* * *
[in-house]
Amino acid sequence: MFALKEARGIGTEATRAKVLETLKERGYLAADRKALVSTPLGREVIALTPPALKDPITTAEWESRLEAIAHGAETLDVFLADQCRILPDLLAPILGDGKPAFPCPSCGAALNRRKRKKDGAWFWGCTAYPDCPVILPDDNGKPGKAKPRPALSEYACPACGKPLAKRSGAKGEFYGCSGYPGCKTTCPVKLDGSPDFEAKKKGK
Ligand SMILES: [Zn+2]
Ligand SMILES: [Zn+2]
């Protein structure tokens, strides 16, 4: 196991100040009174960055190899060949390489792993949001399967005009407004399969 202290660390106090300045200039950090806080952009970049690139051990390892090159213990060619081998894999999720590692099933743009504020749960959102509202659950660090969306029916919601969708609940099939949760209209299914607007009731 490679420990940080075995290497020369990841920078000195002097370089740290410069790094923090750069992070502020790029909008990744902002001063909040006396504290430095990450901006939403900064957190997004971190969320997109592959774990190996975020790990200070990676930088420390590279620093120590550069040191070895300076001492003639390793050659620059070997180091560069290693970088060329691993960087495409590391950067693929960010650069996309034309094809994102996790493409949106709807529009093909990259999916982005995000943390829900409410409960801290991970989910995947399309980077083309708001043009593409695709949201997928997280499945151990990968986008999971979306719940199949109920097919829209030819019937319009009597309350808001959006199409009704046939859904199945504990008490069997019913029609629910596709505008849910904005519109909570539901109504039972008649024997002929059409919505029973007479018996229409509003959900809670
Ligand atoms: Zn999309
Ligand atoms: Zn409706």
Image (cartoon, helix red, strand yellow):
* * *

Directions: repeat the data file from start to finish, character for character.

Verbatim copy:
[in-house]
Amino acid sequence: MFALKEARGIGTEATRAKVLETLKERGYLAADRKALVSTPLGREVIALTPPALKDPITTAEWESRLEAIAHGAETLDVFLADQCRILPDLLAPILGDGKPAFPCPSCGAALNRRKRKKDGAWFWGCTAYPDCPVILPDDNGKPGKAKPRPALSEYACPACGKPLAKRSGAKGEFYGCSGYPGCKTTCPVKLDGSPDFEAKKKGK
Ligand SMILES: [Zn+2]
Ligand SMILES: [Zn+2]
């Protein structure tokens, strides 16, 4: 196991100040009174960055190899060949390489792993949001399967005009407004399969 202290660390106090300045200039950090806080952009970049690139051990390892090159213990060619081998894999999720590692099933743009504020749960959102509202659950660090969306029916919601969708609940099939949760209209299914607007009731 490679420990940080075995290497020369990841920078000195002097370089740290410069790094923090750069992070502020790029909008990744902002001063909040006396504290430095990450901006939403900064957190997004971190969320997109592959774990190996975020790990200070990676930088420390590279620093120590550069040191070895300076001492003639390793050659620059070997180091560069290693970088060329691993960087495409590391950067693929960010650069996309034309094809994102996790493409949106709807529009093909990259999916982005995000943390829900409410409960801290991970989910995947399309980077083309708001043009593409695709949201997928997280499945151990990968986008999971979306719940199949109920097919829209030819019937319009009597309350808001959006199409009704046939859904199945504990008490069997019913029609629910596709505008849910904005519109909570539901109504039972008649024997002929059409919505029973007479018996229409509003959900809670
Ligand atoms: Zn999309
Ligand atoms: Zn409706």
Image (cartoon, helix red, strand yellow):